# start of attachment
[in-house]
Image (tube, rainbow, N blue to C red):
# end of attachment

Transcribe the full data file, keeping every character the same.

[in-house]
Image (tube, rainbow, N blue to C red):